Even as consumers have called for more sustainability initiatives from fashion, there’s a knowledge gap around what the clothes they’re wearing are actually made from and how much clothing gets recycled, according to a survey conducted by Wakefield Research on behalf of biotech company Protein Evolution.
Protein Evolution, which announced a partnership with Stella McCartney in December to process leftover mixed nylon and polyester from the brand’s collections into new material, surveyed 1,000 Americans to inform its efforts to “transform the way society handles plastic waste”, according to chief business officer and co-founder Connor Lynn. It found that 69 per cent did not realise that crude oil is used in making a majority of the world’s clothes — even while many believe they’re “somewhat knowledgeable” about ways to reduce plastic waste in their day-to-day life. On the flip side, 93 per cent overestimated the percentage of textiles that get recycled each year. In reality, only a fraction of the world’s textiles get recycled; the US Environmental Protection Agency reported a recycling rate of 14.7 per cent for all textiles in 2018, but downcycling — using the textiles for a lower-value purpose, such as shredding them for insulation — accounts for much of that figure. Of all clothes collected for reuse, less than 1 per cent is actually recycled back into clothing, according to the Ellen MacArthur Foundation’s 2017 New Textiles Economy report. That leaves a major gap between knowledge and potential action for consumers and brands alike.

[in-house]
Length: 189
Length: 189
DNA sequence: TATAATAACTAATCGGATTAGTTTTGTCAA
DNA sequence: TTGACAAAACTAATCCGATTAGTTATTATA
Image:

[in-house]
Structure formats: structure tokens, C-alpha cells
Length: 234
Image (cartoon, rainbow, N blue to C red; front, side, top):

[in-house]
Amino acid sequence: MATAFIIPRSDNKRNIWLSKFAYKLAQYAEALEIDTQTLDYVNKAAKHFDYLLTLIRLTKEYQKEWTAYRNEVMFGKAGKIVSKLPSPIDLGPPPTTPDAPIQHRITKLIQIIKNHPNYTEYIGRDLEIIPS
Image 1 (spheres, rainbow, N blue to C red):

“People don’t know that they are wearing an oil rig, that they’re wearing an oil slick,” says Paul Anastas, director of Yale University’s Center for Green Chemistry and Green Engineering, who is considered the “father of green chemistry”, and is also a science advisor to Protein Evolution. Here, he is referring to the fact that fashion’s most-used fibre, polyester, along with other synthetic fabrics are plastic-based and made from petroleum; and many textiles, both synthetic and natural, are made with petroleum-based chemicals to give them specific properties, from softness to moisture-wicking capabilities.
There are concerns that focusing on a lack of consumer knowledge — rather than brand liability — will further the idea that sustainability is the responsibility of the consumer. While it’s not the consumer’s job to make fashion better, many argue that consumers do have a role to play in shaping how the industry operates.
The survey should be a wake-up call, says Lynn.
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